Clarín, March 6, 2015

"They killed Nisman." Although once would probably have been enough to earn top billing in Clarín’s Friday edition, Argentine Judge Arroyo Salgado repeated the statement three times during a dramatic press conference Thursday.

She was describing the death of state prosecutor Alberto Nisman, her ex-husband and the father of her two daughters. Nisman was found dead in his luxury apartment Jan. 18 just before he was to appear before Congress to publicly accuse President Cristina Fernandez de Kirchner of helping to cover up Iranian involvement in a Jewish center bombing in Buenos Aires. The 1994 attack killed 85 people.

Nisman's death is officially being handled as a suicide. Suspecting otherwise, Salgado hired a team of experts to conduct independent forensics tests on her deceased ex-husband. She presented the group's findings on Thursday.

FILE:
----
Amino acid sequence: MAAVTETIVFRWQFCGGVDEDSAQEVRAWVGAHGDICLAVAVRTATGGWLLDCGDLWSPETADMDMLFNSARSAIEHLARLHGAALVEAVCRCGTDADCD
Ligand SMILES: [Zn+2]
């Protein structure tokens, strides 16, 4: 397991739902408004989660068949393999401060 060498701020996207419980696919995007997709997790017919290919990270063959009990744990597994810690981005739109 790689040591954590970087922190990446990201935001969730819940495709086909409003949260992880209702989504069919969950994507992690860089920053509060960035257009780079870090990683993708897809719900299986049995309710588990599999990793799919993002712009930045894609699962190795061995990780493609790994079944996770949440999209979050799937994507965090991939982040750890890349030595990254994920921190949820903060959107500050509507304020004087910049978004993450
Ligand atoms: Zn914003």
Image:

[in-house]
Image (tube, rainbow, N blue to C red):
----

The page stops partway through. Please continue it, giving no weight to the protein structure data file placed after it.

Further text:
"There can only be three hypotheses when it comes to violent death: accident, suicide or homicide," she said. "The report we're presenting today forcefully rules out the first two hypotheses, leaving us to conclude, without a doubt, that Nisman was the victim of a homicide."

ABOUT THE SOURCE: Clarín is the largest newspaper in Argentina. It was founded in August 1945 and is based in Buenos Aires.

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